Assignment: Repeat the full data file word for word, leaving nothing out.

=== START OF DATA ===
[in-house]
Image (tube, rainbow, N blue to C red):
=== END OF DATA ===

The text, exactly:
[in-house]
Image (tube, rainbow, N blue to C red):